Senior year of college was the defining moment of my life. I was part of the glorious graduating class of 2014. As the president of the African Students Association, I embodied the American Dream. In just four years, I had gone from getting accepted into the competitive nursing program to double-majoring in economics and political science, and eventually managing to graduate Magna Cum Laude.
My post-undergraduate plans included either pursuing a doctorate in economics, getting some work experience in corporate America, or enrolling into the accelerated nursing program. To my friends, the opportunities were endless and I had it all figured out. The truth is, I had no clue what I was doing and was desperately searching for my purpose.
Why am I in America?
How many times will I attend conferences and complain about what the white man had done to us instead of finding solutions?
How long will I remain a guest in another man's land?
These questions motivated me to document young Africans’ perspectives on Reverse Brain Drain. I wanted to know if they carried the burden of going back home and how they coped with with it.
Before filming, we drafted a survey and one of the key questions was, “Do you plan to stay in America or return to your country of origin?”
Below were some of the answers:
“Returning to my country of origin is my goal. I would like to bring back my knowledge and the experience that I got from the U.S. to participate in the development of my country and the African continent.” Estelle, Ivory Coast.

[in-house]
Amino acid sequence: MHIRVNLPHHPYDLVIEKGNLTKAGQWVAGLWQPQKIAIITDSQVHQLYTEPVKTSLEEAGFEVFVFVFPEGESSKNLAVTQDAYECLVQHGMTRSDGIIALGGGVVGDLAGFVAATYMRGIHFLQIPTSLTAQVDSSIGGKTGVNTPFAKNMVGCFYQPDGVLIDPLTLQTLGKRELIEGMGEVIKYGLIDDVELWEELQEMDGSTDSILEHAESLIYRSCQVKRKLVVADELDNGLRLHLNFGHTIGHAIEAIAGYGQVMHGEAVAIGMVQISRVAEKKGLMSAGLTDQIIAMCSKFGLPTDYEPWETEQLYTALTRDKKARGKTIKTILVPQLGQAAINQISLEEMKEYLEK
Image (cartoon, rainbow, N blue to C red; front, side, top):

“I plan on going back to my country and use the education and knowledge that I have gotten here to help my country advance. We young people are the future of Africa we need to bring our ideas and knowledge to our countries for their prosperities.” Djigui, Guinea Conakry.
"Even though I was born here (America) I'm Ghanaian by heritage. I do plan on moving to Ghana after I finish my Masters and get some years in with the workforce. I feel as though we, the young generation have to do things a lot differently from our parents and make sure we don't stay in this country as long as they did. We forget the mission here was to gain opportunity, accumulate wealth, head back to our country and allow it to prosper, and instead we are working towards building up America. What about Africa?" Debbie, Ghana.
Prior to reading these responses, I believed I was the only one yearning to go back to home. But after reading over 60 responses, it became evident that the new generation of Africans was ready to dedicate their skills, talent, and knowledge to building the continent.
'Dziffa, it will really suck if after all these you do not follow your heart.'
'I will, Akaniyene, I will go back home one day.'
'Ok, let's get back to the set. What would the younger Dziffa tell you if you met her today?'
'She would remind me of the fears of unemployment I had living under a Highly Indebted Poor Ghana as a child and how I dreaded being another unemployed statistic in some World Bank research. She would want to know what my contribution to the continent is, now that I have gotten away.'
We finished the shooting the video but the last question Akaniyene asked haunted me.
Would she really expect this much of me if we met today?
After all, I am 22 years old, broke, and freshly out of college. What do I have to offer Ghana?
I haven’t been to Ghana since I left 10 years ago; I have no friends and no clue how things work there.
'You have reached Burnside Avenue.' The announcement on the 4 train brought me back to reality. Clearly, graduating college had given me more freedom than I could handle. Instead of busily searching for jobs or preparing for graduate school, I was entertaining my fantasies of moving to Africa.
I made a mental note to start applying for jobs and fellowships. I will go back home one day, but this was not the time.
Share this post